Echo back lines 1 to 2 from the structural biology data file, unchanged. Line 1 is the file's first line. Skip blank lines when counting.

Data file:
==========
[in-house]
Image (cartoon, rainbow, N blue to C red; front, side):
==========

[in-house]
Image (cartoon, rainbow, N blue to C red; front, side):